Imaging the Coma Cluster

At a distance of 100 Mpc, Coma is the nearest example of a rich cluster of galaxies. Once thought to be in virial equilibrium, Coma is now understood to be a cluster in the making, with several subunits in the throes of merging, making it a very dynamic and interesting place to study.

We obtained wide field images of Coma using the 0.6 meter (24 inch!) Burrell Schmidt telescope at Kitt Peak National Observatory. Despite the small size of the telescope, the wide field, large pixel format is excellent for detecting extended low surface brightness features.

Here is a pretty picture of the core of the cluster. This is a true-color image made from the R, V, and B band Schmidt images, approximating R-G-B.

Click on the image to see a full resolution version or here to see a GIF image of an even wider field of view or, if you prefer, a TIF image .

We noticed several unusual low surface brightness features in our deepest R-band image.

The most spectacular is a plume of stars about 130 kpc (500,000 light years) long in the heart of the cluster. That's 4 times the diameter of the Milky Way! The total luminosity is not as great as our Galaxy; the plume is the equivalent of about 3 Large Magellanic Clouds.

To get a better view of the "plume", the foreground stars and galaxies can be digitally removed (lower panel). Click on the image to see a better resolution version.

We then obtained much better images of the plume using the Canada-France-Hawaii Telescope wide field CCD imager. The new improved version reveals many details in the body of the plume, perhaps dwarf galaxies and intergalactic star clusters in the making.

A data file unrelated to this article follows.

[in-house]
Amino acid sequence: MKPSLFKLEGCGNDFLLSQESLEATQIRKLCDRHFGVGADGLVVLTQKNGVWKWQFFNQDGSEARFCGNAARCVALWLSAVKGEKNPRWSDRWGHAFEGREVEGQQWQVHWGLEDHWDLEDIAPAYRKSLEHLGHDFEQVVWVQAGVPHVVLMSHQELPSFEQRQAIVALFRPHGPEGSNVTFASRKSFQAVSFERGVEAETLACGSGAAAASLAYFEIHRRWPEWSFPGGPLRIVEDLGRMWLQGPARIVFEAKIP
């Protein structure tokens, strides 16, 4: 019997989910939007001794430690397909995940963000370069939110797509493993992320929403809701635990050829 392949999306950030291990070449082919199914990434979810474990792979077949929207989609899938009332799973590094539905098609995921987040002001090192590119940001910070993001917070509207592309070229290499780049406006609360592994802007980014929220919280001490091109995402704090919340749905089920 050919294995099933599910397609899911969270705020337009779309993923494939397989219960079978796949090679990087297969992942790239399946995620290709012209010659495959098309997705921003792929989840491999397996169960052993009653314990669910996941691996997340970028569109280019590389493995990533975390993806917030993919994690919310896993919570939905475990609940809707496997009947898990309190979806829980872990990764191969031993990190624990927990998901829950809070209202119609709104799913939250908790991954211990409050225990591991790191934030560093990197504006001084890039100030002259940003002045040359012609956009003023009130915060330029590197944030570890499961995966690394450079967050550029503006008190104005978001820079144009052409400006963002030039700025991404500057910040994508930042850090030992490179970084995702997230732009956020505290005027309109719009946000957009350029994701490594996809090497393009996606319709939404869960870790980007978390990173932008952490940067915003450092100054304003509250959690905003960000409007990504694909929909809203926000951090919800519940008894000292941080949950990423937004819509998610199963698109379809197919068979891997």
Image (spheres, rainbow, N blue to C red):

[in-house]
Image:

Two other large, low surface brightness objects are also easily seen in these cutouts from the Schmidt images of the Coma cluster. The lower panel to the right shows a particularly interesting patch of stars following in the wake of the spiral galaxy NGC4911 as it plunges into the core of the cluster at more than 1000 km/s.

The plume and the other objects, including a fourth smaller arc noticed by Trentham & Mobasher (1998) are most easily understood as tidal debris that has been liberated through galaxy-galaxy or galaxy-cluster interactions in the relatively recent past (within the last several hundred million years). Over time, it will fade into the background sea of stars that permeates the Coma cluster.

To try to understand the content and origin of the Coma tidal debris, we have obtained WFPC2 images of NGC4911 and its wake of tidal debris. We are pursuing spectroscopy of the objects in and around the debris using the Keck Observatory; the redshifts of the objects can place them in the cluster or the background.

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UCD Physics Dept.
Cosmology Research Group
Institute of Geophysics and Planetary Physics at the Lawrence Livermore National Laboratory

Modified February, 2003
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